When professional belly dancer Sascha Olivier-Sampson was told ten years ago that she couldn’t dance because of a heart condition, she hung up her dancing shoes with little hope of ever moving to the beat again, writes Donna Collins from Swakopmund
Sascha had been an active ballet and African contemporary dancer since a young girl, but was told by her doctor that she couldn’t dance again due to a weakened heart. What he didn’t tell her though, was that one day she would dance again but this time from the heart, raising funds for charities and sharing her passion for the art of dance with all the people around her. In fact, a year after her life stood still, she came across an advert for belly dancing lessons in Windhoek, and the rest is history. Today, Sascha has danced on international stages, runs her own ‘Moon Goddess’ belly dancing studio in Windhoek, is director and choreographer of annual belly dancing variety shows which are sweeping the country, and is spreading her kindness by shaking her golden hips.
The popular ‘Shimmy for Shelter’ and ‘Helping Hips’ are two huge productions she puts on annually to raise awareness, with proceeds going towards animal charities, cancer patients and the elderly.
She has also taken her show down to Swakopmund for the second year. She says that it all really started after completing a teachers training belly dance course at the ‘Palace of the Winds’, in Cape Town, who also organise big annual belly dancing festivals in which she has participated. It was this that inspired her on to set up her own studio in 2008 offering classes twice a week, whilst continuing her day job which is a lecturer at the University of Namibia (Unam)’s visual arts department.
Combining two sets of students for her shows, that of her dancing studio as well as her Unam graduates, she has just completed a ‘Night of the Goddesses’, show at the Unam Space Theatre, incorporating all her art students who had the opportunity of putting together stage props, lights, stage construction, effects and so on. The show ran under the popular ‘Shimmy for Shelter’ annual belly dance extravaganza, which she has produced and directed for the past six years every May. Primarily it was to raise money for the SPCA but has spread this to the much needed national sterilisation and feeding programmes for township animals in Windhoek and Swakopmund.
Teaming up with Bohemian Magic Dance Company as well as fire spinners, the show this year ran over two nights in Windhoek with a cast of 20 performers. This was followed by a show in Swakopmund, and raised N$35 000 for these charities between the two towns. Commenting on the success of her shows, and the hard work and dedication that goes into tirelessly putting on these performances every year, Sascha says. “I wanted to bring awareness to belly dancing as an art, while at the same time do something for charity.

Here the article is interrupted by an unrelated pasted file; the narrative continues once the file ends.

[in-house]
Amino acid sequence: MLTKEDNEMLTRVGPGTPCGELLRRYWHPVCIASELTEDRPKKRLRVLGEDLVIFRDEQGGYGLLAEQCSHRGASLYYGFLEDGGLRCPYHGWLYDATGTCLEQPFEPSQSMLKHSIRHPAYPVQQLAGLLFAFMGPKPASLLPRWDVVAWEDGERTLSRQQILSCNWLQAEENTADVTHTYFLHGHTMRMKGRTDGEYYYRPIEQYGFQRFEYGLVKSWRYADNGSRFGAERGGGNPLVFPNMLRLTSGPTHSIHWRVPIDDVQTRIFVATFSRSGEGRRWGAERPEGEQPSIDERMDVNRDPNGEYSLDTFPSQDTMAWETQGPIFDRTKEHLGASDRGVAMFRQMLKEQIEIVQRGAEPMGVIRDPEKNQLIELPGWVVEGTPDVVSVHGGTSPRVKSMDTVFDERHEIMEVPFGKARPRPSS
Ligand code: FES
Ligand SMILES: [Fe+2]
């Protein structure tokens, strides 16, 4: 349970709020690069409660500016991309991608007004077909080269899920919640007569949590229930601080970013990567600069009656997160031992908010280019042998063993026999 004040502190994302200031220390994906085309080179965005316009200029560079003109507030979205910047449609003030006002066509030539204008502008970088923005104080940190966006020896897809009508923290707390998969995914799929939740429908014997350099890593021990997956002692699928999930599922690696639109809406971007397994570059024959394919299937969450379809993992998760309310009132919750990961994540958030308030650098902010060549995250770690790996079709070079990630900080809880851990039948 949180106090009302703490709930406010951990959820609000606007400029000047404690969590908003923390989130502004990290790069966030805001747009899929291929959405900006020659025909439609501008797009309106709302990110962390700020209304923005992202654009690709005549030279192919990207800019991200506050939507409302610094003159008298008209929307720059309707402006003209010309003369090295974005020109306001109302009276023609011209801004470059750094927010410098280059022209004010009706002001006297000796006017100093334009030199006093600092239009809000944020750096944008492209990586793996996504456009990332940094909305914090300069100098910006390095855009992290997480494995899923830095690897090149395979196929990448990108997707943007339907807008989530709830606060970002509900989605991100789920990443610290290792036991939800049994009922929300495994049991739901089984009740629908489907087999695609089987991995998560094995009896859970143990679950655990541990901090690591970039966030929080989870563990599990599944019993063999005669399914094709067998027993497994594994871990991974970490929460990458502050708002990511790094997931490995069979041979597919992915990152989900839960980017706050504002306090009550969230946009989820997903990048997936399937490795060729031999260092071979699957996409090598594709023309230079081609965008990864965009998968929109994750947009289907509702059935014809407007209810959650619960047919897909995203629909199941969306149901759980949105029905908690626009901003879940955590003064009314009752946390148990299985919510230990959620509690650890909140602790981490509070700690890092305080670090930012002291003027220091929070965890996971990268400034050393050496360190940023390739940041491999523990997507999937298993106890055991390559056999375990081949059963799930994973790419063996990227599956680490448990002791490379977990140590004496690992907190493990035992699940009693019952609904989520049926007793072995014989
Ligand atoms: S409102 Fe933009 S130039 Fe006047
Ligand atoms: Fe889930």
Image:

“ I grew up in a home where our pets were loved as part of the family, and I saw my dancing as a way to help the plight of those abandoned animals at the SPCA, as well as other non profit organisations who have a huge need. “ She goes on that her shows are for the whole family, illustrating to people that belly dancing is a beautiful form of dance, unlike the provocative stigma that has been created. At the same time she is providing her students and dancers from different genres with an opportunity to be part of big charity driven productions. “’Helping Hips’ was started last August to raise funds for other charity projects such as cancer and the old age, and when you see how much it means to the people that you have helped – it is the best feeling – and it is that which pushes me,” continues Sascha.
Sascha tells you it takes a year of planning, and that as soon as one show is done; she is onto the next one with rehearsals starting up next February. When asked about her doctors advise on “taking it easy”, Sascha replies. “I do not push myself beyond its boundaries, and am a lot more careful and kind to myself these days.”
CAPTION: Beautiful inside and out – ‘Moon Goddess’ belly dancer Sascha Olivier-Sampson has been producing full cast extravaganza shows for the past six years to raise money for charities. (Photo Donna Collins)